‘Gods Your Ancestors Have Not Known’ in Deuteronomy: The Devil You Don’t Know?

In Deuteronomy’s passages describing the worship of other deities besides YHWH, several passages add an additional qualification: “gods which you/your ancestors have not known.” Sometimes this is connected to warnings against serving other gods (e.g., Deut 13); in other places, serving “previously unknown gods” is part of the punishment of exile (e.g., Deut 11:28). This specification is puzzling in its implication, and in its eventual fulfillment.

1) The “serving other gods” punishment is sometimes paired with language that apparently presumes that “gods of wood and stone” are unresponsive idols without correspondence to any spiritual reality. Worshipping such idols (eventually in Mesopotamia, in exile) is therefore fruitless and degrading for Israel (and the nations), but serving Mesopotamian idols would not necessarily be any more harmful than others.
2) Another possibility is that the nations (and Israel, voluntarily or in captivity) who reverence those images in fact serve rebellious elohim, former members of YHWH’s Divine Council. Not all “other gods” are identical; the pantheons of Mesopotamia, Egypt, and Canaan are described in the Hebrew Bible as possessing distinct characteristics and pathologies. Abraham, Terah and Nahor worshipped Mesopotamian deities in the lands of Ur and Harran. If spiritual realties stand behind the idols of the nations, then one might assume that worship of all “other gods” would be equally offensive to YHWH (Deut 5:7) and destructive/degrading for Israel. Would serving gods that did have some similarity to the gods served by Israel’s Mesopotamian ancestors have been any less bad for Israel than serving random gods—or the gods of Egypt or Canaan, for that matter? If not, then the “gods your ancestors have not known” threat seems pointless.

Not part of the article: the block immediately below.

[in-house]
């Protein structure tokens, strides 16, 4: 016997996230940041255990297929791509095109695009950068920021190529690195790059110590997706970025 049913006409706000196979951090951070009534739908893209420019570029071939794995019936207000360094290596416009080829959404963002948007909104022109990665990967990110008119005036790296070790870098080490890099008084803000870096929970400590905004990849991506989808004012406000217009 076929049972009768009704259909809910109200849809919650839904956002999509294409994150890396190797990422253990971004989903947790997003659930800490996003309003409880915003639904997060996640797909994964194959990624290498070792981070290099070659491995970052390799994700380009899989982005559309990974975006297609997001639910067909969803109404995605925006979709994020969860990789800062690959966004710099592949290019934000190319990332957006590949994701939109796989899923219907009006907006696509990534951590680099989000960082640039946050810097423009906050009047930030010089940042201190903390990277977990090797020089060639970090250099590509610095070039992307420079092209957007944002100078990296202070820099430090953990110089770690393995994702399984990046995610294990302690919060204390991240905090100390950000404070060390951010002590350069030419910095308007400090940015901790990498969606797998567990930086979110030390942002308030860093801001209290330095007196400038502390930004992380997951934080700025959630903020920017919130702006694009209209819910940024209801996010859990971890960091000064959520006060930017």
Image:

3) Finally, in the eventual fulfilment of Deuteronomy’s warnings, the people of Israel and Judah did in fact return to Assyria and Babylon as captives and were forced to serve Mesopotamian gods. How then are these “gods which you/your ancestors have not known”?
This paper argues that the Babylonian exile is presented in Deuteronomy, and also in passages such as Isaiah 40–55, in one sense as degenerating “back to Square One”: Abraham’s descendants are now right back in Mesopotamia where they began, captive to Babylonian gods. They are blind, deaf, and hard-hearted as the idols they worship (Isa 42–44). Yet this is worse than their original state, because Israel has no longer been apportioned to the Mesopotamian gods (Deut 32:8–9); Israel has been identified with YHWH through the covenants with Abraham and Moses. Israel serving and being identified with “gods their ancestors had known” would further degrade YHWH’s people and bring more shame upon YHWH. In Isaiah 40–55, it is now even more urgent that YHWH sanctify his people and call his people out of Babylon than it was in Genesis 12: For the sake of YHWH’s name.
This theological reading of Deuteronomy and Prophetic texts has implications for interpretation of several NT passages relating to demonic possession, apostasy, and the honor/shame dynamic of soteriology.

5 thoughts on “‘Gods Your Ancestors Have Not Known’ in Deuteronomy: The Devil You Don’t Know?”

  1. Potentially interesting paper
    Potentially interesting paper which offers a theological reading of Deuteronomy which seems to be sensitive to wider issues of OT Theology.

  2. Law, Prophets and other gods
    The proposal for this papers could be more focused, which concerns me that it may not be as disciplined in its argumentation. But Ben usually does good work and this may be helpful paper which begins in the Torah and help us in our focus on Law.


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